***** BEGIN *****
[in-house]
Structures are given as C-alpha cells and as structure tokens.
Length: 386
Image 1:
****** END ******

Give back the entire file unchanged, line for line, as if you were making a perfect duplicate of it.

[in-house]
Structures are given as C-alpha cells and as structure tokens.
Length: 386
Image 1: